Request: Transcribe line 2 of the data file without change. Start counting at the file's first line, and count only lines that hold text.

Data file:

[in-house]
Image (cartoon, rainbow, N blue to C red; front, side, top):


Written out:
Image (cartoon, rainbow, N blue to C red; front, side, top):